In addition to all of Mafia: Definitive Edition's licensed songs you'll hear on the radio, Harlin's new score more than doubles the amount of original music, clocking in at a combined 84 minutes compared to the 39 minutes of 2002's Mafia: The City of Lost Heaven. "At the beginning of this project, one of our requests for Jesse was: Don't try to recreate the original score exactly as-is," explains Bauer. "We wanted to include some pieces from it, particularly for fans who remember that music and love it. But at the same time, we gave Jesse plenty of creative freedom to write music for a new audience as well. There are small pieces of the original Mafia score that he very effectively weaves in throughout his music."

"I've spent time trying to be very thoughtful about what the new music means to the story, and what it means to the world," says Harlin. "I'm the kind of composer who overthinks everything on a conceptual level. There's a lot of very classical influences from the romantic era of the late 19th Century. I knew that guys like Salieri and Morello and Frank were born in the late 19th Century, and they still carry with them a sense of the end of that era even into the 1930s. I wanted to reflect that musically in the score."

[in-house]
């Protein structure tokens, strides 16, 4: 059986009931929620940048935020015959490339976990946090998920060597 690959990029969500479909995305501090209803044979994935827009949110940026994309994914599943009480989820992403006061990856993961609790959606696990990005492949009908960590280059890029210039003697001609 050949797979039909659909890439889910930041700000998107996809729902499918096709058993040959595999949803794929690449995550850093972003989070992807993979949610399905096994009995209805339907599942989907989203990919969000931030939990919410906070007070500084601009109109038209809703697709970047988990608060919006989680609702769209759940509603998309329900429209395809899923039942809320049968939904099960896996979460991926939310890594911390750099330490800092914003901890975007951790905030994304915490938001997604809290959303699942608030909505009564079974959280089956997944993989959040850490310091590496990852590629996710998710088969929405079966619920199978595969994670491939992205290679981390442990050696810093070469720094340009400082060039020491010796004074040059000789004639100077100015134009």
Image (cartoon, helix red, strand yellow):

Said score incorporates all the classic instruments you'd expect from a full orchestra, but Harlin managed to sneak in a few unconventional sounds for select tracks. Listen close and you'll catch the use of a mandolin and an Eastern European instrument called a cimbalom that's commonly associated with folk tradition. "Whenever the cimbalom shows up, it's very effective at building tension in a scene," remarks Bauer.

Outside of the music, sound effects were also heavily impacted by the pandemic, particularly the Foley work. For the unfamiliar, Foley "generally refers to sounds of characters interacting with the world around them," explains Bauer. "Some examples are footsteps, clothing, and hands picking up or touching objects. We were about 60% complete with our Foley recording sessions when the COVID-19 pandemic began imposing restrictions, so the challenge became, how do we finish in time with a high level of quality?" The Hangar 13 audio team regularly works with Skywalker Sound for Foley. "Many people were transitioning away from studio facilities to a work-from-home environment, us included," says Bauer. "One of our incredibly talented Foley artists, Shelley Roden, quickly converted her home into a Foley stage, while Scott Curtis masterfully handled engineering duties via remote access from his home."

The COVID-19 pandemic made for less-than-ideal working conditions, but Bauer, Harlin, the Hangar 13 audio team, and all the musicians they worked with collectively persevered. "I'm happy with the end results, pandemic or not, and very proud of the entire team for professionally tackling these challenges and never giving up," says Bauer. You can hear the results of those monumental efforts for yourself when Mafia: Definitive Edition launches later this week; check out the "When Can You Play Mafia?" release schedule for details.